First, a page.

A Range of Experiences
Giancarlo Graziani, a geography and urban studies major in the Class of 2011, never thought about a career in law enforcement until he heard about ProRanger Philadelphia. “This is a great opportunity to be a part of something important,” Graziani says, “and it is much less stressful to know that I will have a job when I graduate.”
Graziani spent 12 weeks at Independence National Historical Park learning how it operates. He started by taking every tour, then joined the grounds crew and eventually worked with the cultural resources management team, which includes an archaeologist, an historian, a curator and more. For the weeks devoted to law enforcement, he shadowed park rangers and acted as an extra set of eyes and ears. “This program opens up doors to the Park Service and to the federal government,” says Graziani, who would like to work at a national park in the Washington, D.C., area eventually. “It’s a springboard to so many opportunities.”
Rosalia Fiorello, a student in the Class of 2011, was stationed at Valley Forge National Historical Park. She was impressed with how the Park Service operates, but discovered that a career in law enforcement is not for her. The political science major was one of only two of the students enrolled in Pro-Ranger to participate in firearms and tactical training at Fort Dix in New Jersey. But what intrigued her most were the proceedings she observed in the park’s makeshift courtroom, presided over by a local judge.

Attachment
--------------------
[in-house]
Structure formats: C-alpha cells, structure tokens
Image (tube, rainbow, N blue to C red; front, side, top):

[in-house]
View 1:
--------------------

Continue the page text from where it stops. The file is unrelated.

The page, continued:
“I heard cases involving illegal parking and dogs off leashes and land disputes,” Fiorello recalls. “I want to go to law school and possibly study environmental law. That’s one way I can work with the Park Service in the future.”
For Michael Hanna, Class of 2012, ProRanger offers a chance to get out from behind a desk and “work outside helping others.” Hanna, a criminal justice major, grew up on a farm in Syria watching American action movies and the 1980s television show Knight Rider. “I always wanted to save people, solve crimes and be a good citizen.”
Working at Morristown National Historical Park in New Jersey, site of a Continental Army encampment during the American Revolutionary War, Hanna experienced every aspect of park operations. “I learned something new every day,” he says, “from preserving historic documents and understanding federal law to identifying local plants and running a museum.”
“ProRanger provides both comprehensive training and multiple internship experiences, addressing everything students need to prepare for a career with the Park Service,” Luongo says. Going forward, the program will eventually include an academic component, a sequence of one-credit seminars covering the mission, operations and other aspects of the Park Service. Luongo predicts that the number of Temple students enrolled in ProRanger will increase from the current 13 to 48.
“Temple had everything the Park Service was looking for in a partner: a diverse student body, an excellent criminal justice program and a large training capacity,” says Luongo, who envisions similar Temple programs serving the needs of other federal law enforcement divisions in the future. “More importantly, they saw Temple’s leadership in criminal justice and law enforcement training.”